A Semester as an Ethics Student: Truth in a Moral Relativist World

The fall semester is over, and what a journey it has been! Despite an extremely heavy workload, I have had such an enjoyable experience at the college this semester, from fun times with friends to interesting classes to the ways that God has showed up and moved in an unbelievable manner. It has been a blessing! Not only that, my faith has grown, and this growth is of course attributed to the ways God has worked on my heart and to daily personal time with Him, but also in other ways as well. One such way is my Contemporary Ethics class. 

It's unusual to take a college class and walk away with a strengthened faith, but this semester has been anything but usual, and I am so grateful that I decided to take this class despite the fears that accompanied me walking in. Ethics is ultimately a class about morality, and learning how to use modes of reasoning to back up a particular stance in a contemporary ethical issue. My fabulous professor covered a different ethical issue each week in class, after we read the text and wrote our essays backing up our stance on each issue. Of course having to write a paper pretty much every week usually meant me cramming to write it the night before/morning of, as my schedule was booked solid with papers, homework assignments, and tests on a weekly basis, but nonetheless, my writing skills grew, and my ability to reason and to reason well strengthened significantly. 

So, with that being said, I figured I'd share some things I've learned in this class that may just strengthen and grow your faith too!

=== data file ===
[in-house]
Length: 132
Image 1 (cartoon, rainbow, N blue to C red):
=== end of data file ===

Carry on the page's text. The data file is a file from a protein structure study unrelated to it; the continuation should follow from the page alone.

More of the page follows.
1. I've learned that morality cannot be discussed without God, as God is the ultimate standard of morality.

At the beginning of the semester, we had to write a paper discussing our moral compass and worldview in the process of making moral decisions. Here's a portion of that paper, and what I have held onto when taking a stance on each ethical issue throughout the semester:

    In a world driven by constant change and independent thought, the standard of morality is too often considered temporary and subjective. People forget what they know to be true and turn to the idea that what is wrong for one person could be right for another, or vice versa. However, this idea of subjectivism is dangerous. My moral compass is rooted in the ways and character of Jesus Christ; without having a Biblical worldview, a true standard does not exist in evaluating whether a choice is morally right or wrong.